Note: A negative sign indicates an increase in crashes.
Bold numbers indicate a statistically significant effect (95% confidence level).


Economic Analysis

Determine the Annual Cost of Installation

  • States Provided Installation Costs and Service Life
    • Latex: $140 per approach (2 year service life)
    • Thermoplastic: $1,500 per approach (5 year service life)
  • Convert Installation Cost to Annual Cost
    View Alternative text
    • Latex: $78 per approach/year
    • Thermoplastic: $366 per approach/year

Estimate Crash Costs

  • FHWA Unit Crash Cost Data (Council et al., 2005)
    • $58,832 for undefined collision
    • Includes "hard dollar" and "non–monetary" costs
  • Assume 2:1 Benefit–Cost Ratio
    View Alternative text
  • Required Crash Reduction (2:1 Benefit–Cost Ratio)
    • Latex: 0.005 (Two–way stop– controlled) or 0.011 (All–way stop– controlled)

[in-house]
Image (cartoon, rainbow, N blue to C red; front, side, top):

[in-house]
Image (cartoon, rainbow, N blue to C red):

• Thermoplastic: 0.025 (Two–way stop– controlled) or 0.050 (All–way stop– controlled)

Conclusions

  • Total Crashes
    • Significant reduction in AR, MD, and overall
  • Right–angle and Rear–end Crashes
    • Significant reduction in AR
  • Injury Crashes
    • Significant at 10 percent level overall
  • Disaggregate Analysis
    • Greater effect for 3–legged (highly significant)
    • Greater effect for All–way stop–controlled (highly significant)
    • Some variation by AADT
  • General Reduction in Crashes
    • Results supported by MN data
      View Alternative text
  • Economically Feasible
    • Low cost strategy
    • Modest reduction to achieve 2:1 Benefit–Cost ratio
    • Necessary reduction is easily achievable

Benefit >> Cost